“DePaul’s rankings are a tribute to the academic excellence of our program and the quality of our faculty,” said Harold Welsch, Coleman Entrepreneurship Chair at DePaul, who founded the program. “Using their education and start-up experiences, faculty members help students look to the future and identify viable business opportunities. They share their experiences with the students willingly and with great enthusiasm.”

Founded in 1982 at the College of Commerce, DePaul’s entrepreneurship program has grown to encompass 12 undergraduate and graduate courses taught by 16 faculty members. The faculty represents a mix of distinguished scholars of entrepreneurship and successful entrepreneurs.

Courses cover business plan development, entrepreneurial strategy and management, new venture financing, business growth, creativity, innovation and technological change, among other topics. More than 600 students take undergraduate and graduate courses in the program annually. Students have opportunities to participate in a number of mentorship and internship programs, as well as entrepreneur organizations, including Collegiate Entrepreneurs Organization, MBA Entrepreneurs Club, Social Entrepreneurship Club and Students for Entrepreneurs.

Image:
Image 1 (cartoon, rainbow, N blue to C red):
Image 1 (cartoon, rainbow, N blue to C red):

The program is supported by the Coleman Entrepreneurship Center, which manages education and outreach programs designed to stimulate the start-up and growth of entrepreneurial firms. The center also sponsors Launch DePaul, an annual year-long business plan competition that awards cash prizes and business start-up services for the most promising business plans submitted by students and alumni.

“We believe that today’s students need practical learning opportunities that extend beyond the classroom,” said Raman Chadha, director of the center and a member of the entrepreneurship program faculty. “The Coleman Center creates these opportunities by working with faculty to connect DePaul students with successful entrepreneurs, help them launch ventures and provide real-world experiences. Students are able to immediately apply what they learn in the classroom, acquiring wisdom that only comes with these opportunities. The entrepreneurial spirit at DePaul has never been stronger.”